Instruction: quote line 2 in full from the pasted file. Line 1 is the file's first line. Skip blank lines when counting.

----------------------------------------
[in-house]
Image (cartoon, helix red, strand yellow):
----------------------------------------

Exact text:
Image (cartoon, helix red, strand yellow):